Yayoi Kusama's Flowers that Bloom Tomorrow, Art Basel Hong Kong 2013. (Photo credit: See-ming Lee 李思明 SML)
In his latest column for the New York Times, James Stewart wrote an article about how record auction prices mask a tepid market for fine art. I'm obviously pleased he did, because I've argued this case repeatedly myself. Meanwhile, Felix Salmon at Reuters has taken Stewart to task, mostly for comparing art to other financial markets and for not questioning the notion that art is an investment.
I certainly agree that it does a massive disservice to artists, the broader art community, to collectors, to all of us, in fact, when art is just viewed as an investment. But this reality gets closer everyday when people look at the clutch of trophy art sales each year and the rapturous media attention they receive and decide that art must be a great place to put their money. How many recent articles have suggested that the art market is on fire because of $50 million + auction sales, when exactly seven art works globally have fetched that much at auction so far this year, according to artnet?
I don't agree with everything that Stewart says either (art indices, for example, are certainly not comparable to investable, liquid indices like the S&P 500) but the fact that he is trying to provide some useful context to all the hyperbole should be applauded.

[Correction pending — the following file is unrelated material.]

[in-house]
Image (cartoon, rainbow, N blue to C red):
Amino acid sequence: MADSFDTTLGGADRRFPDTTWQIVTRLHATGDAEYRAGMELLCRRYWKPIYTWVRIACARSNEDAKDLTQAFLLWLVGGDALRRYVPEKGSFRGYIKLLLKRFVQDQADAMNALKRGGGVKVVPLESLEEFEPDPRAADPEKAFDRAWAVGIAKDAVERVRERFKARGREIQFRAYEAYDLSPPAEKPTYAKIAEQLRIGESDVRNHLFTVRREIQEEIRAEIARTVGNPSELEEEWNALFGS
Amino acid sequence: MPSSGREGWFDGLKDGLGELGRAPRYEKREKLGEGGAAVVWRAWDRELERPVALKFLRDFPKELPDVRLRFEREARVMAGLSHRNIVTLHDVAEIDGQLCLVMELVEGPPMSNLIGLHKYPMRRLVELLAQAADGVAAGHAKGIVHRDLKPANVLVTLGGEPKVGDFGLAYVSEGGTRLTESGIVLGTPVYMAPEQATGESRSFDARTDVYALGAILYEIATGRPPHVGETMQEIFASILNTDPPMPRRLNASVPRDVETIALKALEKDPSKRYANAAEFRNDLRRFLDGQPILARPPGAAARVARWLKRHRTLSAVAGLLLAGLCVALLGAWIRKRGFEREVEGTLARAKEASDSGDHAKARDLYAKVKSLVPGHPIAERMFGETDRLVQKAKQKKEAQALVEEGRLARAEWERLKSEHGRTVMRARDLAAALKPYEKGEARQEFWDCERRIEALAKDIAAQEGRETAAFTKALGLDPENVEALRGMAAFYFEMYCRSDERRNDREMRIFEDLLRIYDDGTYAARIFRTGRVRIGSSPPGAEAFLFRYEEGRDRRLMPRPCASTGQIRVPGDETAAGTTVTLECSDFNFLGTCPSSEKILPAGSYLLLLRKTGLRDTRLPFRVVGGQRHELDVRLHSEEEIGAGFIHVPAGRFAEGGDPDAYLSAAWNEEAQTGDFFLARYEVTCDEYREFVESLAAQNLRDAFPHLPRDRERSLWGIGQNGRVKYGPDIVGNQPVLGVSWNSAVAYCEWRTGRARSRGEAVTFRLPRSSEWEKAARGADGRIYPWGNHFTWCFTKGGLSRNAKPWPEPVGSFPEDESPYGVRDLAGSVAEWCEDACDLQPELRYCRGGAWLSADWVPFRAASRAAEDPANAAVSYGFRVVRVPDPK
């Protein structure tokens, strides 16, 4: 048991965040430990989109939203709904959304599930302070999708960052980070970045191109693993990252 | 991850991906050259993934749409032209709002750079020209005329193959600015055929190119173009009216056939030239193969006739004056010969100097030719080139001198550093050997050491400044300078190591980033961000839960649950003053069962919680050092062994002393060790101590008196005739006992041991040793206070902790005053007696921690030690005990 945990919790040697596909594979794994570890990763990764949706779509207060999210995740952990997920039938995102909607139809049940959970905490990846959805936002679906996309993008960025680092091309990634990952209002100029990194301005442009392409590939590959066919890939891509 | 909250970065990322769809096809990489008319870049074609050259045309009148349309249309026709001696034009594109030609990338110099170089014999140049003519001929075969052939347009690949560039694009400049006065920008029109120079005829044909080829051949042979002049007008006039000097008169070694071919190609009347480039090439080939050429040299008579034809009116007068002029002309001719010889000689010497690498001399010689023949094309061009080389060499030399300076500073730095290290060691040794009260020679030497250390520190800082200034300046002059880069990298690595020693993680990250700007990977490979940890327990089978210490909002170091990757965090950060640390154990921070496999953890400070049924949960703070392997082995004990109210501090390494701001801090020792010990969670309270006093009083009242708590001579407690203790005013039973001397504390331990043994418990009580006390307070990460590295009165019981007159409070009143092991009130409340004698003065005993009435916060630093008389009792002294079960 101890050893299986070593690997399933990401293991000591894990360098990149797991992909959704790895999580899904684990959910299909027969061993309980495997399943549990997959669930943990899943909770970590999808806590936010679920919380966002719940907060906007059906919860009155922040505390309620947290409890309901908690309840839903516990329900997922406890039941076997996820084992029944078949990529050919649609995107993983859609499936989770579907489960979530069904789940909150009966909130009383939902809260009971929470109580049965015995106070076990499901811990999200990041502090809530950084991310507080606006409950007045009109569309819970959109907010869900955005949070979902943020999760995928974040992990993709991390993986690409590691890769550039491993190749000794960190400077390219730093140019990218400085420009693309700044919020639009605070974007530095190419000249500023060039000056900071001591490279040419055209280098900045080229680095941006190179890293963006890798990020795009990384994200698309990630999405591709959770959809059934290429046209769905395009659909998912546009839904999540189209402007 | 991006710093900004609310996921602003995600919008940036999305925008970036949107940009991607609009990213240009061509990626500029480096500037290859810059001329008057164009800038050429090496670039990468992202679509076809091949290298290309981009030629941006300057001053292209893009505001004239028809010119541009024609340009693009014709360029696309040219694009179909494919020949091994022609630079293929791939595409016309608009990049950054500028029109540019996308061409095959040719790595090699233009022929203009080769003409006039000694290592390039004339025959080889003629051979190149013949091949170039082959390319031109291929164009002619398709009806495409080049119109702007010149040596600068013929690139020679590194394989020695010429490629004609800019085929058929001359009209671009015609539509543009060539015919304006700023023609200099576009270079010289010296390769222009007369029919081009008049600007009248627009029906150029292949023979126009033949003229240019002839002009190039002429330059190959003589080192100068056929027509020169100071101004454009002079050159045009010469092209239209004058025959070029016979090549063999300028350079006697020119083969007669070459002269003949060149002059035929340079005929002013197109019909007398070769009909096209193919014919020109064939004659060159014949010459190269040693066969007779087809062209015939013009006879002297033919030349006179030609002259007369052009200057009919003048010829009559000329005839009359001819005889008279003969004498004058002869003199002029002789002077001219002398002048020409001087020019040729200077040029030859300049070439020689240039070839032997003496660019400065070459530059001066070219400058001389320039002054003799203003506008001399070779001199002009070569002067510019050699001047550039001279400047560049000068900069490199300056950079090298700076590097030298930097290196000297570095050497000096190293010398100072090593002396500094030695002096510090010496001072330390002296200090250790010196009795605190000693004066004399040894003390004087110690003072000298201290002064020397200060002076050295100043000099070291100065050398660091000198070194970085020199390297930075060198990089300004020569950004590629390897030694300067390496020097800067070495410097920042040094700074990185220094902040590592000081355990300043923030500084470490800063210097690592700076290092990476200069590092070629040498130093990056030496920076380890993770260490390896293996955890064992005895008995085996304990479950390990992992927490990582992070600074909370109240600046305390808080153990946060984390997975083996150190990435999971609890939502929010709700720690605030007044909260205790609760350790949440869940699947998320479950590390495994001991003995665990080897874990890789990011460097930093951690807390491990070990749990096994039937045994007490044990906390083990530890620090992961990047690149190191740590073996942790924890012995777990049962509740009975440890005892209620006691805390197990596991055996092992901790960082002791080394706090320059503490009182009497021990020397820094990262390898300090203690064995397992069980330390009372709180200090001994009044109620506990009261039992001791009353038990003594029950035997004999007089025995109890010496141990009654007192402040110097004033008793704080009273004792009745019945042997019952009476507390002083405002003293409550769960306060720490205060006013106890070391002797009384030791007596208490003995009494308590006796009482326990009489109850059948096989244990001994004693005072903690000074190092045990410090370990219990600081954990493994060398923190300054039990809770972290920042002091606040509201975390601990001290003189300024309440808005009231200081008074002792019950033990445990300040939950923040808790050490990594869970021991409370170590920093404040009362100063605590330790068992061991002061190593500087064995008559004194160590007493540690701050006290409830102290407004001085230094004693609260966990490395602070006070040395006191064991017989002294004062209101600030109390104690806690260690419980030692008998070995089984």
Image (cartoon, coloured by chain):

Salmon criticizes Stewart for mentioning that the Mei Moses World All Art Index has only returned 2.2% through November this year, when its decade-long performance of art is far superior, but why shouldn't we be looking at its performance this year? After all, this is the year we are expected to believe that the global art market is not just hot, but sizzling. It is not. Yes, art indices are selective and imperfect. They are, however, rather more useful than the anecdotal evidence about the tiny percentage of $50 million or $142 million lots that suck all the air out of the room.
Of Stewart's point that "many works are selling near or below their low estimates or failing to sell at all," Salmon says that this is "always true". It's obviously not a new development that some art fails to sell at auction or sells for under the low estimate, for whatever reason. Nor is it groundbreaking that some art at auction will be sold for less than the seller paid for it or that the vast majorty of art will never be considered valuable enough to show up at Christie's or Sotheby's at all. None of this is new. The far more important point is that no one ever talks about this. Sure these are anecdotes, but we should at least be discussing these anecdotes as often as we discuss our favorite anecdotes about stratospheric art sales.
But this doesn't happen and pretty much all the discussion is still about the trophy art sales that many reporters look to each year as vindication of the strength of the market. If we don't at least attempt to provide a balanced view of the art market, it it really surprising that people become fixated on the wonders of art as an investment?
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